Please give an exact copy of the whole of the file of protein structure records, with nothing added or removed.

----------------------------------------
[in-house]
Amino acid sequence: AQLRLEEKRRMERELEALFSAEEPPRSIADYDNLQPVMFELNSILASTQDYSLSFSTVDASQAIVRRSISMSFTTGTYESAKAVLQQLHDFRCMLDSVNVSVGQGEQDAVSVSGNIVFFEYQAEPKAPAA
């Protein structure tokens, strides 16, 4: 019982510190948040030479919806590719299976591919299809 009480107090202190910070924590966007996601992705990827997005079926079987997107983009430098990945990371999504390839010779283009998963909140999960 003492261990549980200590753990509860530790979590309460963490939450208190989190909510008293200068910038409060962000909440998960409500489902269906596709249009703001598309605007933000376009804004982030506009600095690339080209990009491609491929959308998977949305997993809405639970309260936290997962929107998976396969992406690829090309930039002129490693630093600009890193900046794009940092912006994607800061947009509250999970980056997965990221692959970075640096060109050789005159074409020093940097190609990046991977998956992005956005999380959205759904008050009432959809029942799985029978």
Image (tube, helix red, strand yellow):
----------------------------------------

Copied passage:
[in-house]
Amino acid sequence: AQLRLEEKRRMERELEALFSAEEPPRSIADYDNLQPVMFELNSILASTQDYSLSFSTVDASQAIVRRSISMSFTTGTYESAKAVLQQLHDFRCMLDSVNVSVGQGEQDAVSVSGNIVFFEYQAEPKAPAA
């Protein structure tokens, strides 16, 4: 019982510190948040030479919806590719299976591919299809 009480107090202190910070924590966007996601992705990827997005079926079987997107983009430098990945990371999504390839010779283009998963909140999960 003492261990549980200590753990509860530790979590309460963490939450208190989190909510008293200068910038409060962000909440998960409500489902269906596709249009703001598309605007933000376009804004982030506009600095690339080209990009491609491929959308998977949305997993809405639970309260936290997962929107998976396969992406690829090309930039002129490693630093600009890193900046794009940092912006994607800061947009509250999970980056997965990221692959970075640096060109050789005159074409020093940097190609990046991977998956992005956005999380959205759904008050009432959809029942799985029978």
Image (tube, helix red, strand yellow):